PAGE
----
A reduction in revenue collections during August led to a marginal one per cent or J$260 million shortfall in the primary balance of the central government, the Economic Programme Oversight Committee (EPOC) reported on Tuesday.
At the same time, members have concluded that the International Monetary Fund (IMF) programme continue to be well managed despite short-term challenges that need to be addressed.
In the monthly communiqué issued by non-public sector members on Tuesday following its meeting last Friday, EPOC said there were no intra-quarter quantitative performance criteria to be reported on under the IMF programme.
An assessment of the Government's budget outcomes for August indicates that the primary balance rose by only J$62.7 million to J$25.1 billion, leaving it one per cent or J$261 million short of the target.
The small improvement over July was partially due to a reduction in collections of special consumption tax and general consumption tax, particularly on imports.
In addition, EPOC said, there was increased expenditure of J$2.6 billion on capital programmes and J$1 billion on wages and salaries, the latter arising from a planned one-time payment to public-sector workers.
"Of significance, too, was the monthend falling on a weekend and cutting off a day of tax collection," the communiqué said.
The Government collected J$132 billion of taxes fiscal year to August, which was close to J$6 billion shy of the target.
The fiscal deficit at J$17.8 billion was better than budgeted by J$4.9 billion, reflecting the "continued tight management of expenses in the public sector," the committee said.
The end-September target for the net international reserves (NIR) exceeded the budgeted US$761 million by US$149 million.
The Bank of Jamaica reports that the end-September NIR stands at US$910.14 million.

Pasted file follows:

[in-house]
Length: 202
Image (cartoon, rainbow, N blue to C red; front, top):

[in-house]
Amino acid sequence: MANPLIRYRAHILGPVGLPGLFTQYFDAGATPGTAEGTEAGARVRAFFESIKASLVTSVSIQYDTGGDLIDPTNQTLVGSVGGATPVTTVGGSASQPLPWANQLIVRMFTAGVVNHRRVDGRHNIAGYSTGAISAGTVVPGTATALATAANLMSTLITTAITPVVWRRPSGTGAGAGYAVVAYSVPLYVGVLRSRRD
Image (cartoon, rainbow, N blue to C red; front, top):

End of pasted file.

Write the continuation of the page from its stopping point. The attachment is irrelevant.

As for the primary surplus: "We await the September numbers which, we are advised, will put us on track to achieve the IMF targeted primary surplus of J$38.2 billion," EPOC said.
The IMF agreement requires Jamaica to hit a 7.5 per cent primary balance annually, which critics have said is too onerous a condition.
For the September quarter, the programme required that the Government achieve three structural benchmarks - presenting to IMF staff a conceptual proposal for the design of a fiscal rule, and the tabling of the charities bill and the omnibus tax bill in Parliament.
The Government met those requirements except for the tabling of the bill called the Fiscal Incentives Act (previously referred to as the Omnibus Tax Incentives Act) based on an agreement with the IMF that the tabling would occur in October. The December 2013 date for passage of this bill remains unchanged.
A primary challenge, the EPOC said, is the very tight Jamaican dollar liquidity in the financial sector, which is contributing to a rise in interest rates and restraining banks from extending credit as they would like.
"The expansion of credit to the private sector, particularly to medium and small businesses, is a key component of the economic recovery process," the committee said.
Access to credit, along with a more competitive exchange rate that encourages exports and import-replacement production is expected to generate employment and dampen the negative effects of the programme - lay-offs and inflation - being felt by the ordinary Jamaican, the communiqué said.
EPOC urged the Bank of Jamaica to continue to look at measures to ease the tightness without doing harm to the overall monetary policy.
EPOC is co-chaired by Sagicor Jamaica President Richard Byles and central bank governor Brian Wynter.